Mike is not my name,
I told you.
I borrowed it from Bible
to roam the land of Uncle Sam.
It’s my tuxedo and pasta,
behind which the I hid and ate,
slept, woke and educated.
swallowed like an esophagus glide,
peppered and festered,
like when he cheated on the red and yellow stripes
with a pure lady of your kind,
and everything will be fine if no one tells, right?
But when the sun goes down at night,
something must’ve been left behind.
You tell me it’s alright.
Girls borrow clothes from mothers
to appear mature for one party night.
Boys borrow advice from fathers
to become good doctors for two lifetimes.
Sod borrows blankets from snow
to cover debris in their plowed skin.
Water borrows momentum from winds
to dance atop sky like an elegant Jackson Mike.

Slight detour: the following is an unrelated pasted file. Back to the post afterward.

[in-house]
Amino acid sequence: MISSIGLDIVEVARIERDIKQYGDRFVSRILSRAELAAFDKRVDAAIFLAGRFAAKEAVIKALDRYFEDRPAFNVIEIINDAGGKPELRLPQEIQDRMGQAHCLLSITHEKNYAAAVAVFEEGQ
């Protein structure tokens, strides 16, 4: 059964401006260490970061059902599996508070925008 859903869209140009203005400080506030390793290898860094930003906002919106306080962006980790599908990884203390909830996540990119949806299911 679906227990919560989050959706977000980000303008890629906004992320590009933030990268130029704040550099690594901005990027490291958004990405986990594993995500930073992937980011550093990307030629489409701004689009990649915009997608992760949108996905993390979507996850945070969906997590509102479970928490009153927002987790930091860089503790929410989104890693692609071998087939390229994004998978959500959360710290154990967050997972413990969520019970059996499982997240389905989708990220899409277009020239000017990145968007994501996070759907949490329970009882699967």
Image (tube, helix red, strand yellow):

Uncle Sam borrows Earth from everybody
so more borrow titles from that book of Holy.
Your name is Mike.
You want to borrow my language
even if it’s just for a night
so that you can communicate with my heritage.
He tells you it’s alright.
Your white skin, paler than rice paper in his printer,
constitutes the most proper mandarin smoked in my homeland.
by Mike Yunxuan Li
Editor’s Note: This poem’s keen imagery steps into racial truths not always apparent to the majority’s eyes—survival asks many things of some people, even the denial of identity and the pain that arises from such borrowed necessities.
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